The Twentieth Century Society

Review: Ship Style & QE2: Britain’s Greatest Liner

Ship Style: Modernism and Modernity at Sea in the 20th Century by Philip Dawson and Bruce Peter (Conway, 240pp, £30)

QE2: Britain’s Greatest Liner by Bruce Peter, Philip Dawson and Ian Johnston (Lily Publications, 215pp, £30)

Reviewed by Catriona Cornelius

Ship Style sees two distinguished authors taking a look at the history of modernism through the eyes of ship design. This beautifully illustrated book moves chronologically from the development and heyday of the ocean liner, to the development of the passenger ferry, and ending with the monopoly of the cruise ship. It is a wide-ranging overview of the history of ocean liner interior design in the wider context of the development of the Modern movement in Europe and America, with the authors showing that innovations in naval architecture were firmly linked with those happening on dry land. To see architects such as Grey Wornum, Charles Mewes and Serge Chermayeff working in the field of maritime architecture provides a fascinating new perspective on modernism. The sheer number of photographs and illustrations sometimes makes it difficult to link them with the text, but this is only a minor distraction.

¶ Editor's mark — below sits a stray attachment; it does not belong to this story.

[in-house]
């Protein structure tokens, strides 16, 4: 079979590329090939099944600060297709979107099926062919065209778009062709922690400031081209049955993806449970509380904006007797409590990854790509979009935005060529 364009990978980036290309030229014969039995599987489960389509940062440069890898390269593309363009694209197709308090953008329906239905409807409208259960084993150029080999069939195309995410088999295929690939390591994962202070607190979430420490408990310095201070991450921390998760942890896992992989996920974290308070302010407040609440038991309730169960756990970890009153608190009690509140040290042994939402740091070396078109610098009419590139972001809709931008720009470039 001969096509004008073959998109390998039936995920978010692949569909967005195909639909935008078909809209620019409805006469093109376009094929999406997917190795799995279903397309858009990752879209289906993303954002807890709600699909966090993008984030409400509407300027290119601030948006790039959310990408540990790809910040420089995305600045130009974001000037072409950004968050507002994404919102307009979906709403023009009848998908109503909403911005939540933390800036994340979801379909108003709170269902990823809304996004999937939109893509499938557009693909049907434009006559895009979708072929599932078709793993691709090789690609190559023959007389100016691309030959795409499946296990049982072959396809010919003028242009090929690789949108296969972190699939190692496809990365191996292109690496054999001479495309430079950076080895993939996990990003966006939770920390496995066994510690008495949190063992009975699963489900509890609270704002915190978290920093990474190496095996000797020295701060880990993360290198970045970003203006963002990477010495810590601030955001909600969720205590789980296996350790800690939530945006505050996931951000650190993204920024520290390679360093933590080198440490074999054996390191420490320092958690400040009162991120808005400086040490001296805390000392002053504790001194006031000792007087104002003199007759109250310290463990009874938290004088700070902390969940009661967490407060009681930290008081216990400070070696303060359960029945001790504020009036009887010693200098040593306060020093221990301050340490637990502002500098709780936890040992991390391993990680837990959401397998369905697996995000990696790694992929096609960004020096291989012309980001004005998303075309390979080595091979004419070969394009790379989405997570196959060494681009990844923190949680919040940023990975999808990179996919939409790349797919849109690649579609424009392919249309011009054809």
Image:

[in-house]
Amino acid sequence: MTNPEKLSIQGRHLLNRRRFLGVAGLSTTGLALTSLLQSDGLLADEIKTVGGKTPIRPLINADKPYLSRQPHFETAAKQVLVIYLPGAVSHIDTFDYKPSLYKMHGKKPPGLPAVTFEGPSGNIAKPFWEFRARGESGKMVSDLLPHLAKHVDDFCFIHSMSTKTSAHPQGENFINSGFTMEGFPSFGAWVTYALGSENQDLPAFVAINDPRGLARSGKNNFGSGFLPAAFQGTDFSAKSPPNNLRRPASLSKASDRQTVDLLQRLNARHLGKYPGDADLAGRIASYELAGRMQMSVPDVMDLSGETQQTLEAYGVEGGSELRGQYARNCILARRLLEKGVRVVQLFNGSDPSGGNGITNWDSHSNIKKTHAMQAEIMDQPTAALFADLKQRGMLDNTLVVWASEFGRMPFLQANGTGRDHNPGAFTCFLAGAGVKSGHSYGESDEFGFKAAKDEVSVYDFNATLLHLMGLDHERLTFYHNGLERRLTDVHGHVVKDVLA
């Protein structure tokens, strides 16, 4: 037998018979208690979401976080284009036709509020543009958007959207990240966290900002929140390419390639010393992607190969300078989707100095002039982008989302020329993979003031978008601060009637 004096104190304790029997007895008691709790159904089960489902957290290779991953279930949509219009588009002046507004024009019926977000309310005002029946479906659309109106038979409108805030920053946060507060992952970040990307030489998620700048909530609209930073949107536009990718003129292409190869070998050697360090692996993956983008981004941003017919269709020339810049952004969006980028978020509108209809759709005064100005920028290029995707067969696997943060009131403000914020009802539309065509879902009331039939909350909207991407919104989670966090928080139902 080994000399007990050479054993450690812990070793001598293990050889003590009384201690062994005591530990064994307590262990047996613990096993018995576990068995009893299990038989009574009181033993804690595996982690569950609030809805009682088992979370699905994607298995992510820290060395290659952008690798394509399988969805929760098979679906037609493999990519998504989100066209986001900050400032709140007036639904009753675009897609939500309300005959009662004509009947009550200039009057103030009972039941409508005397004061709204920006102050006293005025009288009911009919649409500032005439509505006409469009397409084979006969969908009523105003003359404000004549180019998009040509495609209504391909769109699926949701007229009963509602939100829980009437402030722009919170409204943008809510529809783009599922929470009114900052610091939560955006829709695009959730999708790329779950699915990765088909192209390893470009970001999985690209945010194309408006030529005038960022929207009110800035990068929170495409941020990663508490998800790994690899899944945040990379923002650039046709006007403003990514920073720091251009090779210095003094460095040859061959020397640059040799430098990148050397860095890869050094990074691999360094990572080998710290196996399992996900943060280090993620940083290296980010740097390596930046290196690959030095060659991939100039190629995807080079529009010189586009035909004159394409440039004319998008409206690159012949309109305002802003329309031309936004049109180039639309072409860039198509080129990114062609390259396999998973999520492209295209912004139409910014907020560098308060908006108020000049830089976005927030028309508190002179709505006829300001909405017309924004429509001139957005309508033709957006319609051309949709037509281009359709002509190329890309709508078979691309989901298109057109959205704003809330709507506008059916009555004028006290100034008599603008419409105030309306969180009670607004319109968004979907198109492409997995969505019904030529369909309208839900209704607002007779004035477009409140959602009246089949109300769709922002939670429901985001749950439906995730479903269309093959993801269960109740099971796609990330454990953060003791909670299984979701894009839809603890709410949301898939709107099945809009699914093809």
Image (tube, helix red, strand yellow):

The second title provides a comprehensive study of Britain’s most famous ocean liner, the QE2 – a masterpiece of 1960s design. The first two chapters point to the QE2’s significance as the last hurrah for a dying shipbuilding industry in Britain; a ship that, sadly, only existed in its purest form for a mere three years, as it was refitted for maximum profit in 1972 with additional alterations throughout her years in service. The QE2’s architects suffered from the backlash against modernist design just as much as those working in cities, with its critics longing for the stately design of Cunard’s signature ship, the Queen Mary. The book is informative and well-illustrated and makes good use of contemporary press and personal correspondence; I particularly liked the story of one of the architects and his office staff viewing the launch of the QE2 from a nearby patch of grass, after being denied an invitation.